A. Janney De Armond, professor emeritus of English, also has
been enormously influential since Garrett's days at the
University. She continues to visit Garrett in the summers when
traveling throughout New England.
     "She's been a role model for me. Partly, it's her sense of
scholarship, but it's also her wonderful manner with students and
everyone she meets," Garrett says. "Jan has a remarkable spirit
and consistent approach to life. Recently, she's been teaching
courses on the Bible as literature, and we often talk about our
mutual interests."
     Garrett's decision to work for Knopf in 1966 has had far-
reaching influence on her 30-year career in the publishing
industry. She was fortunate to have a friend in Boston who told
Alfred Knopf about her work as assistant to the director of the
Boston Athenaeum Library and as editor at the New York Historical
Society. "I did not have to seek the job, but certainly admired
Knopf books as absolutely top of the line," she says.
     At first, as Knopf's assistant, she "rode herd" on his
projects, but she gradually accumulated her own writers, who
describe her in The New York Times article as "unusually
patient," "a good listener who can steer writers out of academic
thickets" and "non-authoritarian but firm."
     In 1973, her personal philosophy was profoundly changed. She
took a one-year sabbatical from Knopf and went to work as a
volunteer publications developer for the Adult Literacy
Organization of Rhodesia (now Zimbabwe). The African situation
opened her mind to the realities of world politics and social
issues. She explains, "That experience radicalized me. I realized
that many of the horrific problems in Africa were also problems
that existed in the United States-racism, poverty, hunger."
     After returning to the U.S., she became more deeply involved
in the church through its hunger program and community action
work. "It was not that I wanted to stop one career and start
another. That was not it. I tried to avoid the call to seek
ordination, but it kept coming back. Whether volunteer or
ordained, I was being called into the world to deal with the
world," she recalls.
     Her ministry has evolved almost exclusively into national
committee work. She is particularly pleased to be on her church's
Committee for Dialog on Human Sexuality, which she co-chairs
until 1997. With a reputation as a peacemaker, she gets along
with both conservatives and liberals. A strong sense of fairness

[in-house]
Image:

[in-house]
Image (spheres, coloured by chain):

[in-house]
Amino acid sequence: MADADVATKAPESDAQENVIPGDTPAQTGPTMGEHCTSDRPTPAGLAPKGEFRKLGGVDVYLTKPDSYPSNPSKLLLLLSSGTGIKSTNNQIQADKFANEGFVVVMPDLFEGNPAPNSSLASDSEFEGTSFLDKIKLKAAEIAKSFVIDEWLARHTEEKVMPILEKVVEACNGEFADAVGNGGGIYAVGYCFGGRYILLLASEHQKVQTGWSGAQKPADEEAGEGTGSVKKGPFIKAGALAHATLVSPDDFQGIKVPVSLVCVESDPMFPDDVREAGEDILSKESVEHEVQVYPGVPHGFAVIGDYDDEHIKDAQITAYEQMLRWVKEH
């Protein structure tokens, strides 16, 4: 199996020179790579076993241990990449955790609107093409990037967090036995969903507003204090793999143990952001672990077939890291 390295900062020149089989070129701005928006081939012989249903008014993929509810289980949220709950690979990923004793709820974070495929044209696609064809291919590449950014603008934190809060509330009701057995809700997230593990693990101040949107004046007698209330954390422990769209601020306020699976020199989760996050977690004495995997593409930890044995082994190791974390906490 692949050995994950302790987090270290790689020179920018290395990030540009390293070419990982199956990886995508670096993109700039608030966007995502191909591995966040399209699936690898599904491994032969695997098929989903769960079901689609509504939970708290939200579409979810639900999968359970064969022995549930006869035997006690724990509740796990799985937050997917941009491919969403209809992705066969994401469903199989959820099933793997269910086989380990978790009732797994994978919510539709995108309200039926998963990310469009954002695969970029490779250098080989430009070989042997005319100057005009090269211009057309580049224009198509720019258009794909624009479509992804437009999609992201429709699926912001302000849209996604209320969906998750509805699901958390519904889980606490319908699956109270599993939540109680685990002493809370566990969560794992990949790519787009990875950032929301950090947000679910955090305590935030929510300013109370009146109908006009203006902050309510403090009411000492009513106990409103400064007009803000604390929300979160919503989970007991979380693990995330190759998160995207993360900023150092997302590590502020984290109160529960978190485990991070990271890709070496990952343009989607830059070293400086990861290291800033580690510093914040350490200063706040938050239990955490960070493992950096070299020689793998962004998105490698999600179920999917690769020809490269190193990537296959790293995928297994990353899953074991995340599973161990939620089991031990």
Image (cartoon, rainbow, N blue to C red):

is one of her guiding principles. "We have to find ways to let
both sides of the issues be brought forth and talked about in
calm and rational ways," she emphasizes.
     Garrett's work as an editor has been instrumental in her
service to the church. Both jobs require interpersonal
communication skills and a sensitivity to the human spirit. When
she was first involved in the church, Knopf was not publishing
books that related to religious and social issues.  With
enthusiasm, she says, "I am now able to work with authors like
Karen Armstrong, author of History of God and History of
Jerusalem, and Andrew Sullivan, author of Virtually Normal.
Working with Andrew has been a privilege and has served as a
connection to my committee work on sexuality issues within the
church. For a while, they were separate interests; now, they
     In a world obsessed with specialists, Garrett's liberal arts
education has been an advantage. She says, "There are fewer and
fewer jobs for people who are not trained with some particular
expertise. I identify with that because I am a generalist and
found a niche where being a generalist is a good thing. Most
editors have a degree of specialty, but they are still
     As humanist and visionary, Garrett combines her two life
passions by bridging the secular and spiritual worlds.  She
compares her work to being a midwife and birthing babies, using
similar techniques to give birth to ideas. As she continues to
connect both worlds, it would not be a surprise to learn that her
best work is yet to be born.
                             -Sally Donatello, Delaware '66, '92M